\begin{aligned} \int{ \int_{{Q_{T}}} {{u_{\varepsilon t}}\xi\,\mathrm{d}x\,\mathrm{d}t} } &\le \int_{0}^{T} { \int_{\Omega}{\bigl[{{\bigl(u_{\varepsilon}^{\sigma}+ { \varepsilon ^{2}}\bigr)}^{{\sigma / 2}}} + {d_{0}}\bigr]{{ \vert {\nabla{u_{\varepsilon}}} \vert }^{p(x,t) - 1}}} } \nabla{u_{\varepsilon}}\nabla\xi\,\mathrm {d}x\,\mathrm{d}t\\ &\quad {} + \int_{0}^{T} { \int_{\Omega}{ \vert {f + 1} \vert \cdot \vert \xi \vert } } \,\mathrm{d}x\,\mathrm{d}t. \end{aligned}

Using the HÃ¶lder inequality repeatedly, we have that

\begin{aligned}[b] \int{ \int_{{Q_{T}}} {{u_{\varepsilon t}}\xi\,\mathrm{d}x\,\mathrm{d}t} } & \le2{ \bigl\Vert {\bigl[{{\bigl(u_{\varepsilon}^{\sigma}+ {\varepsilon ^{2}}\bigr)}^{{\sigma / 2}}} + {d_{0}}\bigr]{{ \vert { \nabla{u_{\varepsilon}}} \vert }^{p(x,t) - 1}}} \bigr\Vert _{p'(x,t)}} { \Vert {\nabla\xi} \Vert _{p(x,t)}}\\ &\quad {} + 2{ \Vert {f + 1} \Vert _{p'(x,t)}} \cdot{ \Vert \xi \Vert _{p(x,t)}} \\ &\le2\max\{ {F_{1}},{F_{2}}\} { \Vert {\nabla\xi} \Vert _{p(x,t)}} + 2\max\{ {{F_{3}},{F_{4}}} \}{ \Vert \xi \Vert _{p(x,t)}} \\ & \le\bigl(2{\bigl({\bigl({K^{2}}(T) + 1\bigr)^{{\sigma / 2}}} + {d_{0}}\bigr)^{\frac{1}{{{p^{\pm}} - 1}}}}K(T) \vert \Omega \vert + 2{ \vert {f + 1} \vert _{\infty}} \vert T \vert \bigr){ \Vert \xi \Vert _{W({Q_{T}})}}, \end{aligned}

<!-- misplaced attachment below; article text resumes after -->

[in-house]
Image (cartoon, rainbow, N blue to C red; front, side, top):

where

\begin{aligned}& {F_{1}} = {\biggl( { \int_{0}^{T} { \int_{\Omega}{{{\bigl\{ {\bigl[{{\bigl(u_{\varepsilon}^{\sigma}+ {\varepsilon^{2}}\bigr)}^{{\sigma / 2}}} + {d_{0}}\bigr]{{ \vert {\nabla {u_{\varepsilon}}} \vert }^{p(x,t) - 1}}} \bigr\} }^{\frac {{p(x,t)}}{{p(x,t) - 1}}}}\,\mathrm{d}x\,\mathrm{d}t} } } \biggr)^{\frac{1}{{p' + }}}}, \\& {F_{2}} = {\biggl( { \int_{0}^{T} { \int_{\Omega}{{{\bigl\{ {\bigl[{{\bigl(u_{\varepsilon}^{\sigma}+ {\varepsilon^{2}}\bigr)}^{{\sigma / 2}}} + {d_{0}}\bigr]{{ \vert {\nabla {u_{\varepsilon}}} \vert }^{p(x,t) - 1}}} \bigr\} }^{\frac {{p(x,t)}}{{p(x,t) - 1}}}}\,\mathrm{d}x\,\mathrm{d}t} } } \biggr)^{\frac{1}{{p' - }}}}, \\& {F_{3}} = {\biggl( { \int_{0}^{T} { \int_{\Omega}{{{ \vert f \vert }^{p'(x,t)}}\,\mathrm{d}x \,\mathrm{d}t} } } \biggr)^{\frac{1}{{p' + }}}}, \qquad {F_{4}} = {\biggl( { \int_{0}^{T} { \int_{\Omega}{{{ \vert {f + 1} \vert }^{p'(x,t)}} \,\mathrm{d}x\,\mathrm{d}t} } } \biggr)^{\frac{1}{{p' - }}}}. \end{aligned}